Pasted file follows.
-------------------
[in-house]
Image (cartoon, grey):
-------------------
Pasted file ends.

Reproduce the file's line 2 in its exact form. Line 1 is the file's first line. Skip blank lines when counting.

Image (cartoon, grey):